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Evaluation of Athletic Hip Injuries

MedicalResearch.com Interview with:

Christopher M. Larson, M.D. Minnesota Orthopedic Sports Medicine Institute Twin Cities Orthopedics Edina, MN

Dr. Christopher Larson

Christopher M. Larson, M.D.
Minnesota Orthopedic Sports Medicine Institute
Twin Cities Orthopedics
Edina, MN  

MedicalResearch.com: What is the background for this study? What are the main findings?

Response: Until recently Athletic Hip and Pelvis disorders and the appropriate treatment strategies have not received the same attention as other sports related disorders.  There is significant overlap between intra-articular and extra-articular hip disorders that make this a challenging area of sports medicine from a diagnosis and treatment standpoint.

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Radiation Exposure in the Pediatric Patient: What Every Orthopaedist Should Know

MedicalResearch.com Interview with:
Ayesha Rahman, MD

Chief Orthopaedic Surgery Resident
NYU Langone Medical Center.

MedicalResearch.com: What is the background for this study? What are the main findings?

Response: Children are more vulnerable and susceptible to lifetime adverse events from radiation exposure, caused by imaging . We reviewed literature and found certain pediatric orthopaedic patients are at greater risk for radiation exposure, namely those who have surgery for hip dysplasia, scoliosis, and leg length discrepancy, as they are among those most likely to undergo CT imaging. After reviewing all types of imaging studies performed in orthopedics and how much radiation is involved in each test, we developed several recommendations that pediatric orthopaedic surgeons should follow.

Among those recommendations are: utilize low-dose CT protocols or technology that uses less imaging (like EOS), limit CT scans of the spine and pelvis, know that female patients are more susceptible to adverse risk and plan accordingly, and follow the the “as low as reasonably achievable,”principle to limit exposure to parts of the body that are necessary for diagnosis.

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Psoriasis Patients At Higher Risk for Multiple Pathological Fractures

MedicalResearch.com Interview with:
Dr. Jonathan L. Silverberg MD PhD MPH

Assistant Professor in Dermatology
Medical Social Sciences and Preventive Medicine
Northwestern University, Chicago, Illinois

Dr. Jonathan L. Silverberg MD PhD MPH Assistant Professor in Dermatology Medical Social Sciences and Preventive Medicine Northwestern University, Chicago, Illinois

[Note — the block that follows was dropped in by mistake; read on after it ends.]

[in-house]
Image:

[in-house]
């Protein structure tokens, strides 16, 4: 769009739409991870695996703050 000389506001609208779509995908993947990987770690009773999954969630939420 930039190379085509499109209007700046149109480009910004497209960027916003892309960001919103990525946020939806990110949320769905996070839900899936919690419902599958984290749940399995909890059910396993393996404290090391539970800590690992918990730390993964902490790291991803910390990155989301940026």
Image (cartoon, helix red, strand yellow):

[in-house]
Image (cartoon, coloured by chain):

Dr. Jonathan Silverberg

Response: Psoriasis is associated with a number of potential risk factors for developing osteoporosis and pathological fractures, including including low vitamin D, chronic inflammation, higher rates of cigarette smoking and systemic corticosteroid usage. We hypothesized that adults with psoriasis have higher rates of osteoporosis and pathological fractures.

We examined data from the 2002-2012 National Inpatient Sample, which contains a representative 20% sample of all hospitalizations in the United States. We found that psoriasis was associated with higher odds of osteopenia, osteoporosis, osteomalacia, ankylosing spondylitis, and pathological fractures. In particular, psoriasis was associated with vertebral, pelvic, femoral and tibial/fibular fractures. The associations between psoriasis and pathological fractures were more pronounced in women than men.

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Patients Can Expect To Return To Normal Function Relatively Quickly After Knee Arthroscopy

MedicalResearch.com Interview with:

Patients Can Expect To Return To Normal Function Relatively Quickly After Knee Arthroscopy MedicalResearch.com Interview with: Alexis Colvin, MD Associate Professor, Orthopaedics Icahn School of Medicine at Mount Sinai James N. Gladstone, MD Co-Chief, Sports Medicine Service, The Mount Sinai Hospital Associate Professor, Orthopaedics, Icahn School of Medicine at Mount Sinai MedicalResearch.com: What is the background for this study? Response: Knee arthroscopy is one of the most commonly performed procedures in the U.S. There is minimal literature on when patients can expect to return to daily activity. We sought to help patients understand when they could expect to return to a number of basic activities, specifically in an urban environment where patients need to be mobile early. MedicalResearch.com: What are the main findings? Response: Our findings included: • Patients are off narcotics within 7 days, • Patients stop use of a cane/crutches at 8 days • Patients can drive after 14 days • Patients can go up subway stairs at 20 days • Patients sit on a toilet comfortably at 14 days • Patients return to work at 15 days MedicalResearch.com: What should readers take away from your report? Response: Patients can expect to return to relatively normal function within a short amount of time. MedicalResearch.com: What recommendations do you have for future research as a result of this study? Response: We will also be looking at what other factors, such as age, BMI, medical co-morbidities, etc. can also influence how fast patients recover from this very common surgery. MedicalResearch.com: Is there anything else you would like to add? Response: MedicalResearch.com: Thank you for your contribution to the MedicalResearch.com community. Citation: 2017 AAOS abstract Return to Daily Life After Meniscectomy Alexis C. Colvin, MD, New York, NY James Dieterich, BA, New York, NY James N. Gladstone, MD, New York, NY Diana Patterson, MD, New York, NY Arthroscopic meniscectomy is a frequently performed procedure, but minimal guidelines exist for counseling patients on functionality during the recovery period or time to return to daily activities. http://www.aaos.org/uploadedFiles/2017%20Final%20Program_compressed.pdf Note: Content is Not intended as medical advice. Please consult your health care provider regarding your specific medical condition and questions. More Medical Research Interviews on MedicalResearch.com